The lawsuit also states that some of the plaintiffs have information and evidence regarding the accuracy of the name’s history, but due to a lack of notice “did not have an opportunity to present the information at a public hearing.”

District 5 Council Member Ann Kitchen, who represents the Manchaca Road corridor, voted against the council’s October motion as a protest to the process, which she called a failure after many of the businesses in the area said they were unaware the council was considering a change. Kitchen told Community Impact Newspaper on June 7 that, while she is not taking sides in the lawsuit, she stands by her vote.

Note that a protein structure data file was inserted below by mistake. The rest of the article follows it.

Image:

A ruling from Travis County District Court could be coming by the end of the summer, after the most recent hearing scheduled for June 10 was postponed.

Business owners challenge process

Prior to changing the road’s name, the city of Austin had sent about 1,730 notices to property owners about the then-upcoming vote. Of those who received notices, 4% returned to the city with correspondences, three-fourths of which were against changing the name. 

However, the lawsuit claims some property owners never received notice.

Additionally, many local business owners with interest in the lawsuit may not own the properties they occupy on Manchaca Road but say the change will come at the expense of time and money. Many renting space may not have been notified because it was not required by city ordinance.

Alycen Lucy, a Farmer’s Insurance agent who owns a Manchaca Road office and is a member of Leave Manchaca Alone, said the name change would require businesses to update business cards, stationery, advertising and marketing materials. As a licensed insurance agent, she said the change would also require her to update her official licensing with the state.